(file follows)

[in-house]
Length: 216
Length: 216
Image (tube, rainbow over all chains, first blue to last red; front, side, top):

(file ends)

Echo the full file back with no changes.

[in-house]
Length: 216
Length: 216
Image (tube, rainbow over all chains, first blue to last red; front, side, top):